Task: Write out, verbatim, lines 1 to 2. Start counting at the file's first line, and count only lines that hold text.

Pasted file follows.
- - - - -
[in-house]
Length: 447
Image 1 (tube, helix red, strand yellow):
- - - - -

[in-house]
Length: 447